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Wisconsin is back on track

Gov. Scott Walker

Remember four years ago in Wisconsin? It had gotten pretty bad.

More than 130,000 jobs were lost during Gov. Jim Doyle’s last term. The budget deficit was more than $3 billion. Taxes were going up.

Wisconsin’s future was looking pretty dark.

Thankfully, things are different now. Wisconsin is turning around.

The deficit is gone, and we turned it into a nearly $1 billion surplus.

Taxes are lower, too. We’ve reduced the burden on you — the hard working taxpayers of Wisconsin — by some $2 billion since we took office. That’s a big deal, and it’s why Lt. Gov. Rebecca Kleefisch and I kicked off our campaign April 15.

As I travel our state, I don’t hear many people say to me, “Scott, we don’t send enough money to Madison.” I don’t hear people say their taxes are too low or even that they are just right. What I hear people saying is that if you want to keep the recovery going — put more money back in the hands of the people who earned it: The hard working taxpayers of Wisconsin. As consumers and employers, you will put that money to work to continue building a healthy economy.

With that in mind, property taxes for a typical homeowner will be more than a $100 lower this December than they were last year and lower than they were in December 2010. That’s great news for working families, senior citizens, farmers and small business owners.

Best of all, more people are going back to work. More than 100,000 new jobs have been created since we took office. In fact, Wisconsin had the largest private sector job growth last year since the 1990s, but we’re definitely not done yet — and that’s one of the biggest reasons we’re running again.

Wisconsin is moving forward. Our four-year tuition freeze will help more students and working families afford a great education at one of our UW campuses. As the parents of two sons in college, Tonette and I can definitely relate.

Families are planning vacations as tourism spending is up. And more are going to bed at night knowing that they have access to health care. For the first time in the history of the state, everyone living in poverty will have access to health care under Medicaid.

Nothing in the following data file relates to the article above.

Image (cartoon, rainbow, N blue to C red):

On top of all of that, Wisconsin’s unemployment rate is now below 6 percent. That hasn’t happened in more than five years. Wisconsin’s rate is below the national average and more than three points lower than it was at the start of 2010.

We’re investing in worker training. In the past year alone, we added more than $100 million for the education needed to fill positions in high demand — so that everyone who wants a job can find a job.

Our vision is simple: less dependence on government, more dependence on hard work and pride. That’s progress.

Sure, over the past several years, we had to make some tough choices, but they are paying off as things are getting better in Wisconsin.

I see it each week as I travel this great state. When I visit factories and farms and small businesses, hospitals and clinics and schools, I meet some incredible people who are doing some amazing jobs. And I see that things are improving in our state.

Four years ago, I got into the race for governor because Tonette and I were worried that our sons might grow up in a state that wasn’t at least as great as the one we grew up in. Four years later, the success of our reform is giving us real hope for the future.

Now, I’m asking for your vote again so that every son and daughter, and every grandson and granddaughter, can grow up in a state that’s even better than the Wisconsin we grew up in. With your help, we can do it, because working together, we are turning things around. We are moving Wisconsin forward.

Today, I’m proud to say Wisconsin is back on.